Back in 2008, the congress and George Bush rewarded Hank Paulson and Wall Street for pulling the Cleavon-Little-"the-next-man-makes-a-move-the-n---er-gets-it" routine by tossing trillions of bailout dollars at the same people who had wrecked the economy.
Now, Barack Obama has surrendered control of the budget to the Tea Party, whose operatives in congress used the same suicide-bomber tactic, threatening a catastrophic default unless the Democrats committed to a regime of steep spending cuts without any tax increases on the wealthy."
"Make no mistake about it, what we’re witnessing here is a catastrophe on multiple levels.
It is, of course, a political catastrophe for Democrats, who just a few weeks ago seemed to have Republicans on the run over their plan to dismantle Medicare; now Mr. Obama has thrown all that away. And the damage isn’t over: there will be more choke points where Republicans can threaten to create a crisis unless the president surrenders, and they can now act with the confident expectation that he will.
In the long run, however, Democrats won’t be the only losers. What Republicans have just gotten away with calls our whole system of government into question. After all, how can American democracy work if whichever party is most prepared to be ruthless, to threaten the nation’s economic security, gets to dictate policy? And the answer is, maybe it can’t."
And Dave Cohen at Decline of The Empire with what I thought was one of best blog titles "Dying Government Fails To Commit Suicide, Will Try Again Later":
"A self-inflicted disaster. The government held a gun to its head and threatened to kill itself (video below). Fortunately—or unfortunately, I can't decide which—the government didn't pull the trigger.
Guess what? There is no "plan" in any time frame which will address both the long-term fiscal gap without weighing heavily on a weak recovery economy. This "plan" doesn't exist! Can't possibly exist!
As I've told you over and over again, it took 30 years to get here. That's why the politicians basically did nothing, for there is nothing they can do so without 1) screwing the special interests who actually elected them or 2) screwing the low- and middle-income people who voted for them. That's why every citizen with an interest in the matter—outside the politicians who negotiated it—is unhappy with the deal. That's why the government is feeling suicidal lately. Forget about the politics, those are mere details. Think about it. It's not clear which is worse: raising the debt ceiling or not raising the debt ceiling. Few Americans can wrap their heads around this. Prepare yourself for a lot of future unhappiness."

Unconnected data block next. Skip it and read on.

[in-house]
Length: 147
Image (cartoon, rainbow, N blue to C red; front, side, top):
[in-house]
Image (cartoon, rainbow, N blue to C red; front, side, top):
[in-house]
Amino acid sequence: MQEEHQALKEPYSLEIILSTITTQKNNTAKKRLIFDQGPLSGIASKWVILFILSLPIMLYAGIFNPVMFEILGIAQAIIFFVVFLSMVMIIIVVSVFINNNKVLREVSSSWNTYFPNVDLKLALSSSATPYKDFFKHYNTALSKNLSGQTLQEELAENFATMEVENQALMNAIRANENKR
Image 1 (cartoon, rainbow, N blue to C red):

Our political system has now devolved to a point where it is totally unresponsive to the needs of the majority of the citizens. On a national level we are confronted with the choice of the ongoing criminal enterprise known as the the republican party versus a national democratic party with no apparent principles worth actually fighting for or identifiable values. My only consolation in the midst of this dermocracy, (taken from the Russian, dermo or shit), is living in Wisconsin where a sizable portion of the populace has awakened and will hopefully begin the laborious process of freeing itself. On to the recalls.
Friday, August 05, 2011
It is heartening to know this guy can't go anywhere without public outcry and protests. The people turning out against Walker are the newly radicalized middle class who are the answer to the question "Will Americans ever start to react to the rampant economic injustice and disparity that characterizes our oligarchic kleptocracy?"
Next week in Wisconsin will be very interesting to put it mildly.